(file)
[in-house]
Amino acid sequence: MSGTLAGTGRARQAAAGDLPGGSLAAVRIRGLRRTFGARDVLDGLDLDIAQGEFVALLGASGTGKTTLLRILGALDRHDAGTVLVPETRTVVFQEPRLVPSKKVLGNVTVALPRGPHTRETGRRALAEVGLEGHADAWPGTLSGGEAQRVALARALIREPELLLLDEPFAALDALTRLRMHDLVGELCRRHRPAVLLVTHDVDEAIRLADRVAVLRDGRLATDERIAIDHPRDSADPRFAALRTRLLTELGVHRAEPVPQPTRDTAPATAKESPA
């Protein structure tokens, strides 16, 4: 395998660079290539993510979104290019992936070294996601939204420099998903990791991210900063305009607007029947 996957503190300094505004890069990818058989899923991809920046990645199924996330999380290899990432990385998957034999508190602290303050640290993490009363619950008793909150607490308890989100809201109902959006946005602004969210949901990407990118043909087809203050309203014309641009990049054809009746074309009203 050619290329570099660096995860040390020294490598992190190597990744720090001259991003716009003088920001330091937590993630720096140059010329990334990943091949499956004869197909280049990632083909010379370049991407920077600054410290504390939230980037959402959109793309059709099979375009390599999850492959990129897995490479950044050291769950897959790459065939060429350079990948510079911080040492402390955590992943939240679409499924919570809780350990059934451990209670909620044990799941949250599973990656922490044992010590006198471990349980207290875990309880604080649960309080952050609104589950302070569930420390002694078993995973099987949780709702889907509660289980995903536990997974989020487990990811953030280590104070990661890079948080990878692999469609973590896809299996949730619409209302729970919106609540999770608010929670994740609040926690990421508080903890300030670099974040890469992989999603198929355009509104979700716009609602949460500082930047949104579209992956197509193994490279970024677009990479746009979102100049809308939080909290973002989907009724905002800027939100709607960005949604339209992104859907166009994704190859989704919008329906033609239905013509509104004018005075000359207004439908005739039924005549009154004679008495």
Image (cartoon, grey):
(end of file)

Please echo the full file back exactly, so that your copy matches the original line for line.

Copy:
[in-house]
Amino acid sequence: MSGTLAGTGRARQAAAGDLPGGSLAAVRIRGLRRTFGARDVLDGLDLDIAQGEFVALLGASGTGKTTLLRILGALDRHDAGTVLVPETRTVVFQEPRLVPSKKVLGNVTVALPRGPHTRETGRRALAEVGLEGHADAWPGTLSGGEAQRVALARALIREPELLLLDEPFAALDALTRLRMHDLVGELCRRHRPAVLLVTHDVDEAIRLADRVAVLRDGRLATDERIAIDHPRDSADPRFAALRTRLLTELGVHRAEPVPQPTRDTAPATAKESPA
């Protein structure tokens, strides 16, 4: 395998660079290539993510979104290019992936070294996601939204420099998903990791991210900063305009607007029947 996957503190300094505004890069990818058989899923991809920046990645199924996330999380290899990432990385998957034999508190602290303050640290993490009363619950008793909150607490308890989100809201109902959006946005602004969210949901990407990118043909087809203050309203014309641009990049054809009746074309009203 050619290329570099660096995860040390020294490598992190190597990744720090001259991003716009003088920001330091937590993630720096140059010329990334990943091949499956004869197909280049990632083909010379370049991407920077600054410290504390939230980037959402959109793309059709099979375009390599999850492959990129897995490479950044050291769950897959790459065939060429350079990948510079911080040492402390955590992943939240679409499924919570809780350990059934451990209670909620044990799941949250599973990656922490044992010590006198471990349980207290875990309880604080649960309080952050609104589950302070569930420390002694078993995973099987949780709702889907509660289980995903536990997974989020487990990811953030280590104070990661890079948080990878692999469609973590896809299996949730619409209302729970919106609540999770608010929670994740609040926690990421508080903890300030670099974040890469992989999603198929355009509104979700716009609602949460500082930047949104579209992956197509193994490279970024677009990479746009979102100049809308939080909290973002989907009724905002800027939100709607960005949604339209992104859907166009994704190859989704919008329906033609239905013509509104004018005075000359207004439908005739039924005549009154004679008495």
Image (cartoon, grey):